Some pieces that I can remember off the top of my head that have caused this sensation in me are Morten Lauridsen’s O Magnum Mysterium, Eric Barnum’s Adoramus Te Christe, and Craig Courtney’s While Shepherds Watched Their Flocks. All of these contain certain chords that, when struck, give me a chill and simply leave me in awe of their beauty. The first time I performed the O Magnum Mysterium with a large chorus, I almost began to tear up. The other songs are likewise very emotional in nature, a fact that likely contributes to the effects that they have. Additionally, the chords in the above songs that really move me all happen to be major or minor ninth chords, and they also occur at dynamic high points in the pieces that are generally preceded by large crescendos. It hardly seems coincidental that these things hold true for all three pieces. The role of the crescendos seems rather obvious in building anticipation and it may be possible that the dissonances and consonances created by the ninth help to bring about the chills and goosebumps.

When I decided to look around the internet for information on this phenomenon, I came up with quite a few articles on the topic. One of them provided a fair bit of insight regarding potential reasons for the physiological response. Somber music can cause a fear response in the amygdala. The brain, however, quickly realizes that there is no reason for fear, calming it. As a result, the chilling sensation remains, but the sense of fear itself does not. The web page itself also mentions a scholarly article from a science journal regarding a study that linked intense emotional response to music to the release of dopamine. The study also demonstrated that that, in addition to the peak itself, the anticipation of the musical climax played a very large part in the perceived thrill. It may be possible that the brain’s reward center is activated when the brain correctly anticipates a certain musical cadence, as the ability to make predictions based on sounds is certainly a valuable one.

Also, according to another study performed by researchers at UNC Greensboro, it seems that people are much more likely to experience chills if they have what is described as an “open” personality – that is, they are people that are willing to try new things and entertain new ideas. This may not necessarily be a directly causal relationship, as those with open personality types generally tend to be more interested in music and the arts in general. Perhaps it is their interest in music rather than their personality itself that makes the reaction more likely to occur. In order to tell, a study would have to be conducted on open musicians and open non-musicians, but to my knowledge, no such study has yet been performed. Though it may seem somewhat intuitive, I find the effect of a chill to be far more pronounced when I am singing beautiful music than when I am simply listening to it. This leads me to believe that they may be at least partially tied to musical participation.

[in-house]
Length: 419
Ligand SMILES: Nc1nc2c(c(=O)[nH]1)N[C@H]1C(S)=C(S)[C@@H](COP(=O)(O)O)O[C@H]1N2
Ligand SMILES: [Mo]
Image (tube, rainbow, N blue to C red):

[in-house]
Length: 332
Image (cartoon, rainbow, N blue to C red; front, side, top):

Though some studies have been undertaken to illuminate the darkness surrounding musically-induced chills, the exact mechanism through which they occur remains somewhat murky, making them somewhat of an enigma. Until they are more thoroughly investigated, they shall retain that captivating air of mystery.

Draft Assignment #1- Changing Attitudes Towards Music

The first time I heard Uptown Funk was in the car on my way to my house. I think I was heading back for Christmas break or something. The 80s-inspired beat came blasting through my radio and I immediately changed the station. “Oh, how downhill music has gone. Artists are now drawing from the 80s because they have no more creative thoughts left”. I was pretty cynical about that song the first time I heard it and I’m not sure why. I’ve found that the more I hear a song in a positive atmosphere, the more I relate the two together and the more I actually enjoy hearing that sound. Uptown Funk has since become an increasingly popular song that is played at almost every party, as I’m sure anyone who goes out on the weekends knows.  Listening to it while I was surrounded by my friends and having a good time changed my perspective and made me view the weird 80s-like sounds in a different way. I don’t get annoyed when the song comes on anymore, I get excited because I know the upbeat tune that’s coming and the words so that I can sing along.